Improving the Probability of Selling Your Company

At the end of March, I attended the ACG Capital Growth Conference, which celebrated its 13th year.  The conference enjoyed record attendance of approximately 750 attendees, including many regional attorneys, accountants, and lenders.  The conference was also attended by many Private Equity Groups from around the country.  My takeaways from the conference are, first, that there is a lot of interest in lower middle market companies (defined here as companies with a value between $5 and $50 million) and, second, there is plenty of money for attractive deals. 

The next question is, "what is an attractive deal?"  Although the majority of business sales fall below the $5 million dollar threshold, the attributes of an attractive business are similar, regardless of the size. 

Here are some of the characteristics that we look for when we talk to potential clients:

1. Bench Strength -- Is there second level management that will remain after the business sells?  Many times in family owned businesses, several family members in key positions may want to exit at the same time, which jeopardizes the ongoing viability of the business.  Having key employees that will remain with the business reduces risk and builds value.

2. Diversified Customer Base -- One of the most challenging obstacles for an intermediary to overcome is customer concentration.  Ideally, no one customer would account for more than 10 percent of sales.  The greater the concentration of sales, the greater the risk to a buyer that, if that customer were lost, the business would fail.

3. Realistic Expectations of Value and Structure -- As an intermediary firm, most of our income comes from success fees.  The higher the sale price, the more money we earn, so our interests are aligned with the Seller to maximize the sales price.  Not only does the price need to make sense financially, but the transaction needs to be properly structured and the necessary assets included with the sale.  One of the biggest points of contention involves the amount of Working Capital that is included in a transaction.  In our industry, a common analogy is to compare a business to a car and Working Capital to the fuel.  In order for the car to run it needs a requisite amount of fuel.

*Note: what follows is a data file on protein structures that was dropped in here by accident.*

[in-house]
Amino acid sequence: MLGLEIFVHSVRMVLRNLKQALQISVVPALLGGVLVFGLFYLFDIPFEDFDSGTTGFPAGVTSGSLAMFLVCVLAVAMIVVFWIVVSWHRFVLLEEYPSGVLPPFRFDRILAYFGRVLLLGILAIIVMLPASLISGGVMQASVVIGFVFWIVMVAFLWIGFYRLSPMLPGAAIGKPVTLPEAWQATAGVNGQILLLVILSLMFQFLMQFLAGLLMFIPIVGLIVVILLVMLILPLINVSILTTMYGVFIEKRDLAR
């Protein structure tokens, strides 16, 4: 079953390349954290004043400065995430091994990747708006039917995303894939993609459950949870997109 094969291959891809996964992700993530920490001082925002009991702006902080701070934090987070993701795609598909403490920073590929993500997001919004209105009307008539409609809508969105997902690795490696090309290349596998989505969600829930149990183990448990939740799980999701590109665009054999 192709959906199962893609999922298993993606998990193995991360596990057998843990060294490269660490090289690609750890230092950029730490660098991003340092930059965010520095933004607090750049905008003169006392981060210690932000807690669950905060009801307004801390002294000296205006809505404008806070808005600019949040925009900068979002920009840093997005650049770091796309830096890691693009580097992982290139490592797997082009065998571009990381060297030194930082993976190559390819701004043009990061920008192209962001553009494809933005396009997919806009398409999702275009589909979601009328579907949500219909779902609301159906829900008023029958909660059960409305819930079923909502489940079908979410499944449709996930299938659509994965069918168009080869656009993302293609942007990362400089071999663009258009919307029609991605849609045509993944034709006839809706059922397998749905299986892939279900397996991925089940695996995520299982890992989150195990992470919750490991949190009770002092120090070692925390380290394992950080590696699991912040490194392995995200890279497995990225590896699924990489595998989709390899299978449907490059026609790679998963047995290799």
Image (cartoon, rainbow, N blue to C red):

4. Documentation -- After a business goes under a Letter of Intent or purchase contract, due diligence begins.  Due diligence is the process that the buyer and its advisory team undertake to verify the seller's financial representations and to investigate the strength of the seller's business practices.  For example, it will often include a review of customer contracts and insurance policies.  If the contracts are weak, outdated, or verbal, the buyer may have a concern about customer retention.  If the business is underinsured, the buyer might consider that the income is overstated, as the insurance expense would increase to properly insure the business.

5. Financial Records --  Having timely, accurate records is one of the biggest opportunities for a seller to positively position the business in the marketplace.  Although timeliness should be self-evident, many sellers with businesses actively on the market still file extensions.  Unfortunately, they do not prioritize the completion of the information to generate the returns.  Additionally, having accrued (as opposed to cash basis) financial statements can reflect a more accurate picture of the businesses performance.  For example, we have a manufacturing client that built and shipped product at the end of 2014.  Most of the costs were incurred and paid for in 2014, but the revenue, on a cash basis, will not be recognized until the product is paid for in 2015.  The result is that the income, on a cash basis, will be approximately $500,000 less than the income on an accrual basis.  While the client has a lower tax bill for 2014, he would like to value the business based on the higher accrual income.  This is problematic for both buyers and lenders.

I could continue, but I am sure that you understand the importance of having your business properly positioned if you want to take advantage of today's strong market environment.

Author: Ron Chernak